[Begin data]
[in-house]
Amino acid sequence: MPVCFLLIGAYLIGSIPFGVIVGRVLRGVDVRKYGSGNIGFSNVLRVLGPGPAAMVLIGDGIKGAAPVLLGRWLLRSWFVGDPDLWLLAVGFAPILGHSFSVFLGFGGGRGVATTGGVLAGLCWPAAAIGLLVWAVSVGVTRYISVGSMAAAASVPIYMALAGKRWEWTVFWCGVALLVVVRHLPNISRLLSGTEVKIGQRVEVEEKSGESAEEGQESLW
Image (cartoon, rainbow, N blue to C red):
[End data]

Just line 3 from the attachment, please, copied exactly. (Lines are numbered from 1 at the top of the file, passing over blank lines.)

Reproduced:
Image (cartoon, rainbow, N blue to C red):